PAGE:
Sunday, October 30, 2011

Snowy Spirituality

On Friday night, poor sis was exhausted from a long and arduous week at work. Still, she found time to make jack'o'lanterns with the children. The kids used dry erase markers to create their designs and then she did the actual cutting part (good thing, too... those were the hugest pumpkins I've seen in ages and there's no way the kids could have carved through them!). The results were beautiful, as you can see in this picture of the boy twin gazing at the candle inside his.

For those who see this as a purely secular holiday, I guess I almost feel sorry for you. Don't get me wrong - I love the dressing up, the tromping around, the candy and the decorations. All that is a wonderful and amazing and magical thing all on its own. Yet there's a deeper sense to this time of year. It's a time of sudden changes, of death, of endings (and new beginnings!). The themes are serious ones. Even though  our children aren't burdened with the horrors of concerns of starving over the winter, they feel the sanctity and holiness of the end of October, too.

And right around the corner, a sudden change arose - an unseasonably early snow storm, one which has apparently knocked out power to thousands of people throughout our area. We're lucky. Not only were we prepared (generator, plenty of easy to prepare meals, extra blankets, sub-zero rated sleeping bags, etc.), we also didn't lose power at all. It's warm (if you can call 62F 'warm') and cozy in our house, and it smells of bacon and baking. There are cookies ready to eat, tons of hot chocolate in the cupboard, and cornmeal muffins waiting to be baked later today.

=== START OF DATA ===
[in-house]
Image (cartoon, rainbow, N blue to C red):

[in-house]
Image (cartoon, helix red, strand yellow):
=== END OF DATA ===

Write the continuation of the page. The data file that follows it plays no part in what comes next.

I see these simple preparations as being religious duties, in a sense. Hellenes often talk about the Delphic Maxims, and the way in which they guide our lives. Preparing for winter storms (even this early in the season) is a part of that. When we set aside food from the summer and autumn, we are showing we are responsible stewards of ourselves, our children, our livestock, and our homes.


Honor the hearth/Hestia is one of the Maxims, and by setting food by, whether by freezing, canning, drying, salting, or some other method is an application of honoring the hearth which warms us and the goddess who oversees our daily lives.

Exercise prudence tells us to be careful of our food stores. After all, a bad storm or flood can either clear out grocery stores or make it impossible to get to them. When we take out a jar of our own honey or home-made jam, we are able to reap the rewards of that prudence and spread it on toast.

Then there is use what you have, a sensible piece of advice at any time, but especially so in our current economic climate. Learn ways to save what you have (black walnuts? acorns? free apples from a neighbor's tree?) and then learn how to use them when your other food items are low. We have a dearth of apples at the moment and I am busily making apple muffins, apple spice cake, apple crisp (well, okay sis made that one lol) and lots of other things. Soon, though, I'll have to wrap each apple carefully in newspaper and set them in a dark place to keep. With luck they'll still be good in a month or two, and we'll be able to keep eating the crisp tastiness of them when all that's in the stores are mealy ones from far away.

Blessings on all, and may the snow that falls into your life be beautiful!
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